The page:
A four-–person council voted three to one March 6 to approve a development variance permit needed to allow the construction of an 18.2 metre high concrete batch plant near Yew Road.
The application by Stockwell Sand and Gravel for a height variance was considered by councillors Alice Lutes, Tom Lamb, Chris Moore and Doug Hockley at the March 6 regular council meeting.
Mayor John Henderson and Coun. Mike Shanks left the room, citing a perceived conflict of interest, and Coun. Darnelda Siegers was away on vacation.
“I’m concerned about the height of the building. It’s gone from 10.5 metres to 18.2 metres,” Lutes said. “That’s much bigger than what we endorsed before. I’m also concerned about the traffic on the road if we increase the capacity of this plant by another almost eight full metres. I have some real concerns over the impact that’s going to have on the neighbourhood and I don’t know if we’ve addressed it properly, so I’m going to vote against it.”
Moore argued in favour of passing the height variance.
“All groups have had a shot at this thing. All issues regarding the colour and visual impacts have been voiced and have been addressed, and staff’s recommended adoption of this, so I don’t know what the problem is,” Moore said.
Hockley noted the colour of the new concrete batch plant would help it “blend into the embankment.”
“I’ve spent some time down on the waterfront on East Porpoise Bay and also across the way in The Shores to look at the potential profile of what the tanks would bring up and quite frankly for the life of me I can’t picture them being seen,” he said.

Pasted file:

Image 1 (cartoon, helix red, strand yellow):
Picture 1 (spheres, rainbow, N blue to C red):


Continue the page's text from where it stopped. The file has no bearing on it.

When the question was called, all but Lutes were in favour.
The District has started to hammer out their 2013 budget with the first information meeting held this week. The second budget discussion meeting is scheduled for March 20 at 3 p.m.
Lutes reported that she attended the first meeting of the new housing committee set up by the District recently.
“We started with a round table discussion around the needs and how to address those needs with a doable project as we have one year to be productive, so there’s a bit more research to be completed and brought to us. At our next meeting we’re hoping to start right into work as quickly as we can,” she said.
Shanks spoke about the Sunshine Coast youth outreach program funded through local governments during his report.
“This year through the program they have served 1,033 youth, they have clocked almost 732 service hours, they have made 974 contacts with youth, and they have given 374 safe rides home for youth,” Shanks said. “In my opinion this is an organization always worthy of more funding.”